I also loved that there was a heavy influence of the arts at the Friday school.  An art lab that made my eyes spin and a choral and music program that was required through the 5th grade.  An outdoor classroom, where the children learn outside instead of in (2 days out of the week!!), and where they perform...wait for it...Shakespeare in "the park"!!!! (Be still my artistic heart.) Cue the heavy sigh of longing. So now we wait.   The school takes entry through a lottery, with the only preference going to siblings of current students and staff members' children first. If we get chosen in the lottery, we will know something by the end of this month.  However, it is also possible that some families chosen in the lottery will accept and then decline later and we could get a call...well, even after Christian might have started at another school. It's possible that I will have to choose another school and move him later.  It's possible that our lottery number won't come up at all this year. If so, we'll try again next year. And the year after that. And the year after that, if necessary.

So, I am out of control.  Earlier this week, I jokingly used the "out of control" context as one where I was being so anxious and frenetic and worried and crazy about this whole school process.  Now, I just simply know that I am not in control of the outcome. In fact, tomorrow is not even guaranteed to us. I called my sweet friend who is needing to make the decision to take her husband off of life support, and we cried.  We just bawled and bawled about the fact that he was such a good guy, such a good Dad, such a good friend. That it is so sudden, so unfair. This kind of thing is not supposed to happen! My sweet friend is worrying about everything from the little things of how the maintenance of the house will be handled, to the big things, like how she will tell her small son that his Father just died? How she is going to be strong for him? Life is not fair. We are not in control. Not of the good things, and not of the bad things.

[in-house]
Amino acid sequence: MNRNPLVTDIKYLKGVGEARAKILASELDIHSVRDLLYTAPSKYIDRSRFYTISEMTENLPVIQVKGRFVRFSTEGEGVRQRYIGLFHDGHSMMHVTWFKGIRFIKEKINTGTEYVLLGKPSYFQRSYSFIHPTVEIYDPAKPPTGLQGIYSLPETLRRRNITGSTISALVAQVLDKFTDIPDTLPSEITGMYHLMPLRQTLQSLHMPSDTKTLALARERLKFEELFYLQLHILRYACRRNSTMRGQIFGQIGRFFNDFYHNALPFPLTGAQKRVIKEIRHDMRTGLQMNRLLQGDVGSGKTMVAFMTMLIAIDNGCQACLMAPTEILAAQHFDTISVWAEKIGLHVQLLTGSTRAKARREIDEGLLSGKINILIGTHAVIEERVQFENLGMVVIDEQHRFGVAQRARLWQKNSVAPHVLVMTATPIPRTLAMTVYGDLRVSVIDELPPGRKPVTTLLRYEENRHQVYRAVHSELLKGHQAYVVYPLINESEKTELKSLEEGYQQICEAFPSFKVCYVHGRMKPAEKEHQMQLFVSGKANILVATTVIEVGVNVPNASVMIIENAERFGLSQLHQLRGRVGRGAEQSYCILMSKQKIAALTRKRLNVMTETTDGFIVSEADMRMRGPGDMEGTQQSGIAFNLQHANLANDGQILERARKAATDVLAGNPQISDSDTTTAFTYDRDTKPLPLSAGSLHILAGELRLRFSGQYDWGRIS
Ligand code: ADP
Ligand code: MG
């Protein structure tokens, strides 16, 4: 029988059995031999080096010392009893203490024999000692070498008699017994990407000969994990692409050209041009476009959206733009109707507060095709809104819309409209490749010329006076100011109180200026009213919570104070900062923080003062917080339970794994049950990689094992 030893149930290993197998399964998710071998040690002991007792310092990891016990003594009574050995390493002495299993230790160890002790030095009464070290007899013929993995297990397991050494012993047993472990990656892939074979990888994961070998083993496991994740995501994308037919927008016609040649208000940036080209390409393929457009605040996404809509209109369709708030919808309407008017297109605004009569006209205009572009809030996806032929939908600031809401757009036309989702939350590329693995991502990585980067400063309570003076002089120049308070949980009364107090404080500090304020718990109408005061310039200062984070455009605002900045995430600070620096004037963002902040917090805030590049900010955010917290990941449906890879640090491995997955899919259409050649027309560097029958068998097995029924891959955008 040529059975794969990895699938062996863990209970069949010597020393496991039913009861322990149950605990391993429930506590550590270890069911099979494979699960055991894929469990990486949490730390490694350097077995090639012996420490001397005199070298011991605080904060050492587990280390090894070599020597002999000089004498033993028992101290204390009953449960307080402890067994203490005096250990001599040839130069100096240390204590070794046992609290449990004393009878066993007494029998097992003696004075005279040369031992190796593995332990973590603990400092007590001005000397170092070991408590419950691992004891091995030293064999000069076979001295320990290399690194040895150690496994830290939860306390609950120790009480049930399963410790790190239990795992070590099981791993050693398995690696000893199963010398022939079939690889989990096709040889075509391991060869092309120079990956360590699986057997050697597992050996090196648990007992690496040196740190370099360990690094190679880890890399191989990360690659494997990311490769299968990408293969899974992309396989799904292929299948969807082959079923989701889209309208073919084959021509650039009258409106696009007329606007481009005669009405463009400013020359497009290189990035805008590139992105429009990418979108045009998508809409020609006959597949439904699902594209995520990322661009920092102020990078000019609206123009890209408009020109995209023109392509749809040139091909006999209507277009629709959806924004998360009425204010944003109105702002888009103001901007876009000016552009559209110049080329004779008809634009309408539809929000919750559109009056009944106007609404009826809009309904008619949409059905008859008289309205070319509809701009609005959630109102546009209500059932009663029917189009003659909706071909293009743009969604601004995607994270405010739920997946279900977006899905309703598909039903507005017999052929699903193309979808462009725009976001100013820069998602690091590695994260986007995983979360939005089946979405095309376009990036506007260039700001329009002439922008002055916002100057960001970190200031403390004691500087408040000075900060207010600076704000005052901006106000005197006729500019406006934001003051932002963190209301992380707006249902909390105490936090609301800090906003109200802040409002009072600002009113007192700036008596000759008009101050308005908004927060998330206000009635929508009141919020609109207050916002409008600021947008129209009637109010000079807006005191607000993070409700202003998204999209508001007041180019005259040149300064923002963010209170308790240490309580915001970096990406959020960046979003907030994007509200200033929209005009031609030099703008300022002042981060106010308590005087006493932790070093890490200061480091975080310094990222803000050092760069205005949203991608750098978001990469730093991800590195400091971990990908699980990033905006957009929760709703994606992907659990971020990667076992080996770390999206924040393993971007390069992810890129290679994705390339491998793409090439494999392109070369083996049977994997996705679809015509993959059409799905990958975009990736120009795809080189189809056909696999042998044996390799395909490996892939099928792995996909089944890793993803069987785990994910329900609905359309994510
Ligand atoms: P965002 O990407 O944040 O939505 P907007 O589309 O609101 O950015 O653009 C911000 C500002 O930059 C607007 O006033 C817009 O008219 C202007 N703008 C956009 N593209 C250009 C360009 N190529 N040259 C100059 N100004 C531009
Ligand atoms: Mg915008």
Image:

Nothing snaps you out of the inner brain whirlwind more than the loss of a friend- especially when it is sudden and unexpected. I have said I love you and drive safely and looked just a second longer at each of my boys and my husband in the last few days.  I am grieving for my friend and the path that she has to walk right now.  While she and I met initially through a mutual friend, we became close because of the outreach and support she offered me while I was struggling with Elijah's diagnosis.  Now it is my turn to reach out and offer support for her. 

If I were to close with the one thing that is on my mind: Hug your husband. Hug your kids. Say I love you to the friends that you do. Our time on earth is finite.

Thank you friends, for all that you enrich my life with. Especially, Thank you to Steve: for whose time on earth was spent cherishing the ones he loved. There was never any doubt about the abundance of love he had for his wife and son.  He will be missed and each who knew him is richer for it.